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Preliminary analysis of exclusive motorcycle lanes along the federal highway F02, Shah Alam, Malaysia. IATSS Research vol. 19 No 2. 1995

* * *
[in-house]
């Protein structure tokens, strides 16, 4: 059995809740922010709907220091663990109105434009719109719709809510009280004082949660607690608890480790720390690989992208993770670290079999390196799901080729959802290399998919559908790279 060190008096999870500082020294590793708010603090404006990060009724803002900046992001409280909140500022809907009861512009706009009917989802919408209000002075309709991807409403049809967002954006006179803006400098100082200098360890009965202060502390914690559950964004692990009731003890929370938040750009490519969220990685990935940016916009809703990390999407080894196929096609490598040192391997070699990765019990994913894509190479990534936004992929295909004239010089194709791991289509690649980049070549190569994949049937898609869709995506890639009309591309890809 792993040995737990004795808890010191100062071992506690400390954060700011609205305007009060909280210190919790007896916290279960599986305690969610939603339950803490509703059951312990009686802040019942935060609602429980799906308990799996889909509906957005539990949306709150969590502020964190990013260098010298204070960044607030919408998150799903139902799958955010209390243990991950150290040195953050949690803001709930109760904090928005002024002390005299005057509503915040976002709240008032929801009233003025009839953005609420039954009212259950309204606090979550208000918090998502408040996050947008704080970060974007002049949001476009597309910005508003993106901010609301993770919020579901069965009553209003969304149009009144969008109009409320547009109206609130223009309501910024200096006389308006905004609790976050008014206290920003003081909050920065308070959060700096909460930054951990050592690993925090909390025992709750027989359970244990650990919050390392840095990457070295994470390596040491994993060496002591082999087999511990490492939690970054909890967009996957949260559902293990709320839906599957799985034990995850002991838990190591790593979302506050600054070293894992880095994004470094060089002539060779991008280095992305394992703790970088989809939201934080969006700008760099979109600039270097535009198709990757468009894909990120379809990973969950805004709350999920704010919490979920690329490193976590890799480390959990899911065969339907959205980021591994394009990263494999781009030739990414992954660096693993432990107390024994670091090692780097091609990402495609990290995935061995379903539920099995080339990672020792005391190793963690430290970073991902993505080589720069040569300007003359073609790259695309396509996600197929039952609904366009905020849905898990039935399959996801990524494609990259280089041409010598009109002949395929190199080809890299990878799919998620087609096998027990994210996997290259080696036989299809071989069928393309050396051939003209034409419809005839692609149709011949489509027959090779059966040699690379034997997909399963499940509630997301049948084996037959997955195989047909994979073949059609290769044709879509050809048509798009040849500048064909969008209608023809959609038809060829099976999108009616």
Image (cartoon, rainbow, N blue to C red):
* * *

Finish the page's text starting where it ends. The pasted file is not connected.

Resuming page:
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TRANSPORT RESEARCH LABORATORY TITLE by Preliminary analysis of exclusive motorcycle lanes along the federal highway F02, Shah Alam, Malaysia Radin Umar R.S., Murray G Mackay and Brian L Hills Overseas Centre Transport Research Laboratory Crowthorne Berkshire United Kingdom IA r _. -- UMAR, R S, M G MACKAY and B L HILLS (1995). Preliminary analysis of exclusive motorcycle lanes along the federal highway F02, Shah Alam, Malaysia. IA TSS Research vol. 1.9 No 2. 1995. PA 3136/96 PRELIMINARY ANALYSIS OF EXCLUSIVE MOTORCYCLE LANES ALONG THE FEDERAL HIGHWAY F02 R MR ..MCABL IL PRELIMINARY ANALYSIS OF EXCLUSIVE MOTORCYCLE LANES ALONG THE FEDERAL HIGHWAY F02, SHAH ALAM, MALAYSIA Radin UMAR R.S. Assoc. Professor, Accident Research Unit, Faculty of Engineering, Universiti Pertanian Selangor, Malaysia Murray G. MACKAY Professor, Accident Research Centre, Birmingham University, England Brian L. HILLS Safety Manager, Overseas Centre, Transport Research Laboratory, England (Received July 10, 1995) One way to tackle the problem of motorcycle accidents between junctions (links) is to segregate motorcycles from other traffic using an exclusive motorcycle lane. This paper presents a preliminary analysis on the impact of the motorcycle lane in reducing link motorcycle accidents along Federal Highway F02, Malaysia. The study has shown that there has been a significant reduction (p<0.05) in motorcycle accidents following the introduction of the lane. The overall reduction of all motorcycle accidents along the 14 kilometre stretch is approximately 25%. When stratitied motorcycle accidents are considered, the reduction of motorcycle accidents excluding the those that occurred on the main carriageway, is approximately 34%. Both reductions are highly significant at 5% (p<0.05) and 0.1 % (p<0.005) for all motorcycle accidents and stratified motorcycle accidents respectively. These findings support the notion that segregating motorcycles from other traffic reduces the accident exposure and improves significantly the safety of motorcyclists. Key words: Motorcycle accidents, Mixed flow, Traffic segregation, Motorcycle lanes 1. INTRODUCTION On roads with high level of traffic, conflicts between vehicles may be created when heavy commercial vehicles and fast moving cars have to share the same roadway fa- cility with the less protected and slower vehicles such as motorcycles, mopeds and bicycles. On these road sections, separation of motorcycle flows from other traffic will not only improve link accidents with motorcycle but can also improve the traffic flow especially when motorcycle traf- fic is heavy. The concept of segregating vulnerable road users from other traffic is not new in the field of safety management. In many industrialised cities, traffic segregation, whereby pedes- trians and bicyclists are segregated from motorised traf- fi c 12'3,4, has long been recognised and forms part of the planning framework in the transport planning process. In de- veloping countries, a number of studies 5'6have also been car- ried out on the potential use of road marking installations for mixed flow conditions. Unfortunately, there has been little work and experiences so far on the use of exclusive tracks for motorcycles. Lack of commitment to plan safety strate- gies and financial constraints usually combine and result in shelving these measures. Perhaps, Malaysia might be the first country to implement this measure to promote safety for motorcyclists. 2. USE OF MOTORCYCLE LANES IN MALAYSIA The notion of segregating motorcycles from other traf- fic by the use of a motorcycle lane is not new to Malaysia. In the early seventies, the first motorcycle lane was con- structed along the Federal Highway Route 2, one of the busi- est urban expressways in the country, under a World Bank project. The track consists of an exclusive 16 kilometer mo- torcycle track connecting the city of Kuala Lumpur and the Subang International Airport. For safety and accessibility of motorcyclists, grade-separated interchanges are used to con- nect the track with the main carriageway. Unfortunately, no study has so far been conducted to analyze the safety and eco- nomic benefit of the scheme. In early 1992, an extension of the track was carried out. This extension was part of the improvement programme to the existing two-lane expressway connecting the Subang In- ternational1 Airport to the towns of Shah Adamn and Klang. The project was constructed and managed by Projek Lebuhraya Utara Selatan (PLUS), under one of the government's privatisation schemes. In November 1993, major sections of the lane were completed ahead of schedule and it was opened for use by the public. This paper presents a preliminary analy- sis on the impact of the motorcycle lane on motorcycle acci- dents along Federal Route F02, withfin the city of Shah Adam, Malaysia. IA TSS Research Vol. 19 No.2. 1,995 * 93 R. UMAR, M.G. MACKAY, 131. HILLS CURRENT TRANSPORTATION ISSUES FROM ASIA 3. METHODOLOGY This study was based primarily on a specially created police accident form POL27(Pin 1/9 1) and the 24 hour po- lice accident reports. The former was designed for easier completion and fully compatible with a customised version 7 of the TRL's Microcomputer Accident Analysis Package, MAAP 8.Accident data were extracted from the four-year pilot project data 9"10obtained in the districts of Seremban and Shah Alam since January 199 1. For each type of motorcycle accident, a detailed col- lision mechanism that lead to the accident was reclassified and recoded based on sketch diagrams and written police descriptions available on the last page of the police form. A total of 193 collision mechanisms divided into 37 col- liding groups were identified" and summarised in Figure 1. The colliding group was classified according to the road geometry, vehicle manoeurvres and the right-of-way (ROW) with the notations S to represent all straight direc- tions on ROW, T for turning on the ROW and X for cross- ing manoeuvres on losing ROW. Collision types were also identified by the impact directions with notations F, B and D for the front, rear and side collisions respectively. These recoded records were then manually updated into MAAP. Analysis of the data was carried out using the cross- tabulation facilities available in MAAP, the time series cu- mulative plot' 2of monthly records and the traditional Chi-squared "before" and "after" analysis' 3"14.In this pre- liminary analysis, only the total motorcycle accidents were used. The detailed colliding mechanisms described in Fig- ure 1, however, will be extensively used in the detailed and long-term analysis of the lane. 4. 'BASIC FEATURES OF THE MOTORCYCLE TRACK Figure 2 shows a typical view of the extended track along the Federal Highway Route 2, Shah Alam. The ex- tended track consists of a 14 kilometre exclusive track run- ning alongside with the main three-lane urban expressway. The basic features of the motorcycle track are shown in Table 1. 94 * /A TSS Research VoL.19 No. 2. 1995 Table 1 Basic features of motorcycle lane along Federal Highway Route 2 Motorcycle Lane Features Design Parameter Track length (Extension) 14 Kilometer Track Width 2.5- 3.5 meter Verge 1 -2 meter Distant from Main Varies with maximum Carriageway 3 meter Access Control Full Guardrail Type Single face Wearing Course Formulation 50mm Asphatic Concrete Road Base Formulation 150mm Wet Mix Macadam Sub-Base Formulation 250mm CBR>30% Interchange TypeGrade-Separated (Courtesy from PLUS) 5. IMPACT OF MOTORCYCLE LANES ON ACCIDENTS 5.1 Time series plot of motorcycle accidents The pattern of motorcycle accidents along the Fed- eral Highway Route F02, 6 months following the introduc- tion of the motorcycle lane is shown in Table 2. The cumulative plot of motorcycle accidents along the route and all accidents in Shah Alarn is shown in Figure 3. In this analysis, all accidents in the city of Shah Alam were used as the control data. The rationale of chosing this as the con- trol instead of all accidents along the whole route are (a) the main carriageway was also upgraded from the two-lane to three-lane expressway (b) the number of accidents ex- ceeds (about 18 times higher) the number of motorcycle accidents. From the above illustrations, it can be seen that the number, of motorcycle accidents dropped markedly imme- diately following the opening of the motorcycle lane.The overall drop of motorcyce accidents along the route was approximately 25%. This drop can also be seen graphically from the clear downward separation of cumulative num- ber of motorcycle accidents with respect to the predicted cumulative mean of accidents. In contrast to the reduction of motorcycle accidents, the number of all accidents in the control area remains steady at an average rate of 235 accidents per month. The I ' . ' j : 7 ' ..I' . .' . .. 1 . . 1 .- .' --- a  1 ' . .  :. 1 . ---- --- . .. .. .m .1 . 1 . PRELIMINARY ANALYSIS OF EXCLUSIVE MOTORCYCLE LANES ALONG THE FEDERAL HIGHWAY F02 A MR ..MCABL IL Colliding Machanism Motorcycle Straight Pedestrian Cross Motorcycle Turn Pedestrian Cross Motorcycle Straight Pedestrian Obscured Motorcycle Straight Pedestrian Middle of Road Motorcycle Straight Pedestrian Walk Along Road Motorcycle Straight Pedestrian Walk Opposite Direction Motorcycle Straight and Hit Objects Motorcycle Straight and Hit Animals Motorcycle Straight and Hit From Back Motorcycle Turn and Hit From Back Motorcycle Cross and Hit From Back Motorcycle Cross and Hit From Front Motorcycle Cross and Hit From Side Motorcycle Turn and Hit From Side Motorcycle Turn and Hit From Front Motorcycle Straight Other Vehicles Cross Side Collision Motorcycle Straight Other Vehicles Cross Front Collision Motorcycle Straight Other Vehicle Cross Rear-End Collision C r ~~~~~~~~~~~~~~~~~~~~~~~~~~~~~~~~~~~~~~~~~~~~~~~~~~~1 Examples Notation I Colliding Machanism Motorcycle Backing Other Turn Rear-End Collision Motorcycle Straight Other Straight Side-Swipe Collision Motorcycle Straight Other Straight Head-On Cillision Motorcycle Backing Other Straight Rear-End Collision Motorcycle Park/Stop Other Straight Rear-End Collision Motorcycle Straight Other Park/Stop Rear-End Collision Motorcycle Straight Other Park Side Collision Motorcycle Straight Other Reverse Front Collision Motorcycle Yaw/Fall and Hit Pedestrian Motorcycle Yaw/Fall Ott the Road Motorcycle Yaw/Fall On the Road Motorcycle Queue at Stop Line Other Turn Hit From Front Motorcycle Straight Other Yaw Head-On Collision Motorcycle Yaw/Fall Other Straight Head-On collision Motorcycle Straight Straight Other Yaw Rear-End Collision Motorcycle Yaw/Fall Other Straight Rear-End Collision Mototcycle Park Other Turn Rear-End Collision MBOTB MSOSD MSOSF MBOSB MEOSEB MSOEB MSOED MSORF MCYHP MYOFF MYONR MOOTF MSOYF MYOSF MSOYB MYOSB MEOTB --- Mc 55. 717 Ill --- ,Wm.- _=_11 _T 7 - tla. -EIT- iic :rr- ,g I .i* _____________________________________________________________________ L Examples -T 7 -2 M -E:a -,- e- 2 K ,A -P..- 4 Q D~_ lc D' L Fig. 1 Detailed colliding mechanisms involving motorcycles in Malaysia 1ATSS Research Vol. 19 No.2, 1995 * 95 Notation MVCSpx MCTIPX MSPO13 MSPMR MSIPWA MSPWO MSH0,1 MCSHA MCSHB MCTHB MCXHB MCXHF IVCXHD MCTHD MVCTHF MSOXID MSOXF MSOXB t 1 R. LIMAR, M.G. MACKAY, 13.1---. HILLS -pf!2, 70yr- CURRENT TRANSPORTATION ISSUES FROM ASIA 01E3 .40 2 E4 3 May July Sept Nov JuuSA Mar May Jul Apr Jun Aug Oct Dec3 Fula Apt Jun Aug94 Month at tha Y-a (1 95311994) 500 400 300 5 1 0 4 100 0 Fig.2 Typical view of motorcycle track along Federal Highway Route 2, Malaysia Fig. 3 Cumulative plot of motorcycle accidents along F02 and all accidents in Shah Alam Table 2 Motorcycle accidents along Federal Route F02 Shah Alamn Before Period ( March 1993- November 1993) Accident Type Mar93 Apr May June July Aug Sept Oct Nov Motorcycle Accidents along F02 1Ž> 7 16 18 9 1 1 16 16 1 7 Cumulative M/C Accidents F02 1 2 19 35 53 62 73 89 105 122 Cumulative Mean M/C Accidents 1 2 26 39 53 66 80 93 107 120 All Accidents (Control) 236 256 237 230 230 225 232 267 205 Cumulative Control 236 492 729 959 1189 1414 1646 1913 2118 Cumulative Mean Control 236 471 707 942 1177 1413 1648 1883 2119 After Period (December 1993 -August 1994) ____________ Accident Type Dec93 Jan94 Feb Mar Apr May June July Aug94 Motorcycle Accidents along F02 2 13 8 10 16 12 9 13 10 Cumulative M/C Accidents F02 124 137 145 155 171 183 191 204 214 Cumulative Mean M/C Accidents 134 148 161 174 188 202 215 229 242 All Accidents (Control) 200 237 204 231 266 265 252 264 283 Cumulative Control 2318 2555 2759 2990 3256 352 ~3773 4037 4320 Cumulative Mean Control 2354 2589 2824 3060 3295 3530 3766 14001 14236 number of accidents in the control area in the before pe- riod was 2118 while the after period was 2202. To ascertain that the reduction is statistically significant, a more detailed anaysis is required. This can be achieved us- ing the standard Chi-squared before and after study. 5.2 The Chi-Squared (X2) "before" and "6after" analysis The figures in Table 3 show a cross tabulation of ag- gregated all motorcycle accidents along F02 "before" and "after" the opening of the motorcycle lane. In this analy- A', PRELIMINARY ANALYSIS OF EXCLUSIVE MOTORCYCLE LANES ALONG THE FEDERAL HIGHWAY F02R.MAG.ACYBLHIS Table 3 Short -term analysis on motorcycle accidents along Federal Highway Route F02 Accident Type Before Period After period Reduction x2 Probability _____________________________ (March -Nov93) (Dec93 -August94) (%) ____________ All Motorcycle Accidents Along F02 122 92 25 5.19 p<0.05 Stratified Motorcycle Accidents (F02) -122 81 34 9.51 p<0.O01 All Accidents in Shah Alamn (Control) 2118 2201 __________ _____ _________ sis, the motorcycle accidents in the "after" period were fur- ther classified into two categories: (i) all accidents along the route, and (ii) all accidents along the lane. The rationale for this stratification is to separate all motorcycle accidents along the main carriagew ay and the accidents along the cycle track. This will allow for a more comprehensive assessment of the: (i) actual impact of the lane, (ii) compliance of motorcyclists to use the cycle lane, (iii) the possible effect of incomplete track due to site constraints at kilomneter 18. It is worth mentioning that a small section of the cycle lane at kilometre 18 was still under construction af- ter the official opening of the lane. This apparent delay was not due to any management and construction problems by PLUS but rather due to the fact that the whole construc- tion was well ahead of the original schedule. Since it was wasteful to leave the lane unused and to wait for the origi- nal schedule, the management had decided to open the lane to the public at the earliest opportunity. During this study period, motorcyclists however had to join the main express- way for a short distance before rejoining back to their cycle track. Based on this "before" and "after" analysis, it can be stated that the introduction of a motorcycle lane has sig- nificantly reduced motorcycle accidents along the route. The computed X2value for one degree of freedom is 5.19 and the reduction is significant at 95 percent confidence level (p<0.05). When stratified data is considered, the im- pact of the motorcycle lane in reducing motorcycle acci- dents is more distinctive with the X2value of 9.51 (p<0.005). 6. DISCUSSION The above study deals only with the short-term im- pact on the use of motorcycle lane along Federal Route 2, Shah Alam, Malaysia. This preliminary analysis has shown the introduction of the lane has significantly reduced mo- torcycle accidents along the route. No direct comparison can be made on the benefits of the motorcycle lanes, since no other research has been car- ried out or reported before. However, the success of this traffic segregation scheme is in line with the concept of seg- regating bicycles from other traffic in many developed countries. In Japan', it was reported that vehicle to bicycle accidents decreased by 15.4% following the introduction of bicycle-pedestrian path. This study was based on a be- fore and after comparison of 96 locations in Japan where the path had been installed between January 1986 and June 1987. In another study on the effect of the Western ap- proach cycle route in Southampton 3, it was reported that although there was no change in the total number of about 12 bicycle accidents per year on the route, cycle flow in- creased by 28% when flows declined 14% elsewhere in the city. Thus, it was interpreted that the initiative reduced the cycle accident rate along the route. Although the exact explanation of the reduction of motorcycle accidents following the lane construction is yet to be examined, a number of factors can be put forward to the success of the scheme. Segregating slow moving mo- torcycles from fast moving traffic, particularly the low cc motorcycles, would eliminate traffic conflicts and speed differentials between motorcycles and faster vehicles. This idea is in agreement with the fact that approximately 99% of the rear-end accidents with motorcycles between 1991 and 1993 in this pilot areas involved lower cc, slow mo- torcycles. This concept is also in agreement with Munden' 5 who established the U- shaped variation of accident rate IA TSS Research Vol. 19 No.2, 1995 * 97 R. UMAR, M.G. MACKAY, 131. HILLS - .. . ... CURRENT TRANSPORTATION ISSUES FROM ASIA and relative speed; the fastest and slowest drivers have higher accident rates than the average speed drivers. Thus segregating motorcycles from other traffic will eliminate these speed differentials, provided that they stay away from the main carriageway. In this research, it has also been shown that when data are stratified according to the exact location of the acci- dents, whether on the track or on the main carriageway, the reduction in motorcycle accidents is more significant in the case of stratified data. This implies that there is still a sizeable number of motorcyclists who stayed on the main carriageway instead of riding on the cycle lane. This might be the result of (i) the higher cc large bikes which were given the option to use either route of the expressway and (ii) the enforced joining of the main traffic at kilometre 18 of the carriageway. However, no research has been carried out to substantiate this hypothesis. The change in riding environment is one of the im- portant factors in influencing the safety of motorcycles. This is because, riding a motorcycle differs fundamentally from driving a car in terms of its stability. Adverse weather conditions, poor road surfaces such as pot holes, oily and sandy roads' 6and aerodynamic disturbances from larger vehicles' 7can easily cause a motorcycle to become un- stable. Thus creating a safer riding environment by means of exclusive lanes would contribute to the lower number of these types of motorcycle accidents. 7. CONCLUSIONS This preliminary analysis suggests that traffic segre- gation by means of exclusive motorcycle lanes may prove to be one of the best ways to achieve the desired safety ob- jective particularly along routes with a high population of motorcycles. This is because it reduces the number of mo- torcycle accidents dramatically following the intervention. The overall short-term reduction was found to be 25% and significant at the 5% (p<0.05) level. 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